Ottawa, December 17, 2004 – The Canadian Broadcast Standards Council (CBSC) today released its decision concerning the broadcast of a news item on CHEK-TV (Vancouver) regarding a landlord-tenant dispute that resulted in a condemnation against the landlord, which he paid off in pennies and small change. As a part of the 11:30 p.m. newscast, the reporter interviewed the tenant and then showed a clip in which the landlord was answering the reporter’s questions about the case and admitting that he had repaid the amount of the Tenancy Arbitrator’s ruling in petty change. The landlord agreed to speak to the reporter; however, he told him that
I did not want to be put on the air […] because it could affect my business. […] I found out after the fact that the camera man had the camera on while [the reporter] was talking to me. They also put my face on the air! Even in the broadcast [the reporter] stated that I did not want to be on the air. I feel that my rights have been violated.
The broadcaster acknowledged that the complainant had not wanted to be on air; however, it explained that its
reporter did his best to respect your privacy wishes by not using your name or showing anything that identified your business, which of course was unrelated to the landlord/tenant dispute we were reporting on. But he felt it was necessary to use the brief videotape that had already been gathered of you telling your side of the story in order to ensure the story presented was as balanced as possible.
The B.C. Regional Panel found no inaccuracy in the story, although it did comment that the landlord had “little going for him”, in terms of the facts of the dispute and payment. The Panel did, however, consider that the reporting of the story constituted an invasion of the privacy of the landlord.
The Panel does not […] dispute the right of the station to report the specific story and this even by reference to the individuals involved in it. It does, however, draw the line at the broadcast of the interview with the landlord. He specifically requested that there be no filming of him; however, the station ignored the request. Their claim is that they did so in the interests of the landlord “in order to ensure the story presented was as balanced as possible.” It rather appears to the Panel that CHEK-TV broadcast the footage in their own interest, whether in order to appear balanced in their report or because the story played better. They could equally have observed in their report that the landlord declined to be interviewed on camera but did admit that he had repaid the award of the Tenancy Arbitrator in small change, so that this essential element of the story would have been corroborated.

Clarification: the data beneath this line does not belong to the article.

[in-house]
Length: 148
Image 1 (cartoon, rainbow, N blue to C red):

The Panel was also of the view that the standards relating to hidden cameras and recording devices came into play. Although the camera was apparently in full view of the landlord during the course of the interview, the latter had reason to believe that it was not recording. In other words, while the camera was not hidden, the fact that it was in fact functioning appears to have been kept from the complainant. The Panel considered that this rendered the situations equivalent. The principle it applied was that hidden recording devices should only be used “when they are necessary to the credibility or accuracy of a story in the public interest and the information thus revealed could only reasonably be discovered by their use.” In the case of the news report, the Panel concluded that the use of the equivalent of a hidden camera constituted a breach of the provisions of the RTNDA Code of Ethics. The Panel ruled that
the information provided in the on-air interview would readily have been unearthed without the use of hidden recording devices. It was in fact granted freely by the landlord. Nothing more was needed. There was no cause for hidden recording devices, other than the desire of the managers of the visual medium to have a videotape component to their story.
Canada’s private broadcasters have themselves created industry standards in the form of Codes on ethics, gender portrayal and television violence by which they expect the members of their profession will abide. In 1990, they also created the CBSC, which is the self-regulatory body with the responsibility of administering those professional broadcast Codes, as well as the Code dealing with journalistic practices first created by the Radio Television News Directors Association of Canada (RTNDA) in 1970. More than 550 radio and television stations and specialty services from across Canada are members of the Council.
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All CBSC decisions, Codes, links to members' and other web sites, and related information are available on the CBSC's website at www.cbsc.ca. For more information, please contact the CBSC National Chair, Mme Andrée Noël CBSC Executive Director, John MacNab